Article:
Gauthier struck a nice balance between dumb pastiche and troubling horror, and lead actor Jeremie Earp-Lavergne played an imposing creep rather well. Perhaps most importantly, Discopath never outstayed its welcome. Because it ran for a mere 81 minutes, the film had this propulsive energy that meant the joke had no time to become stale. It went in there, made its point viciously, preposterously and quickly, and I couldn’t help but love it unconditionally because of that.
During Renaud Gauthier’s Q&A after Discopath, an old man came out of the audience to breakdance. Words really can’t do it justice, but it was an Important moment in all of our lives and was definitely a high point.
After that, however, the whole sleep deprivation thing really started to kick in. Dosed up on ProPlus, my brain was in a state somewhere between wakefulness and drowsiness while also being aware that both sides were locked in mortal combat. I think that was the best way to enjoy the penultimate film of the night, The Station (2013). Essentially Austria’s take on The Thing (1982), I found The Station to be an undemanding, competent, by-the-books creature feature about the effects global warming. I could easily sit back an lap up the gorgeously filmed scenery of the German Alps and admire how the various creatures were designed.
Despite not being particularly scary – although certainly dour and needlessly worthy at times – some of the imagery on show was striking and, in some cases, quite distressing in a David Cronenberg kind of way. And, to the film’s enormous credit, it also contained the only scene of the night that got the crowd cheering and applauding during the film. I await the inevitable American remake.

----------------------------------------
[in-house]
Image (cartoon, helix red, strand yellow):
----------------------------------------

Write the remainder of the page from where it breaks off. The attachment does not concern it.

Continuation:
Once The Station had finished I bought a naff hot chocolate for £3.05 to try and give me a kick. Another low point.
By the time the final film, the UK premier of Anthony Leonardi III’s Nothing Left to Fear (2013), finally rolled around at around 5:35am, my critical faculties were frankly exhausted. I was tired; I hadn’t heard good things about the film and unfortunately couldn’t properly engage with it. It’s better to be honest about these things. I mentally checked out of the film quite early on when it became apparent that I was watching yet another “Rural Town with a Dark Secret” story with no obvious ambition. That’s not what I wanted at nearly 6am. I wanted to be grabbed, to be forced to engage with the film and to be scared. Unfortunately, Nothing Left to Fear is lifeless when it tries to be atmospheric, soulless when it attempts to add character and derivative when it wants to throwback to films such as The Wicker Man (1973) and Children of the Corn (1984).
I had no idea what was happening, why it was happening and more importantly why I should have cared – this sentiment was shared by quite a few people as we were making our way out of the screen. The novelty of Nothing Left to Fear is that it’s the first film from Slasher Films, a production company founded by Slash from Guns n’ Roses. As such it’ll most likely get a decent distribution deal, it will stay in multiplexes for about a week or so and then fade into an utterly deserved obscurity.
Thanks again to Mike for his recap. I’m certainly more keen than ever to see Discopath now, though I can’t say he’s blunted my enthusiasm for Patrick.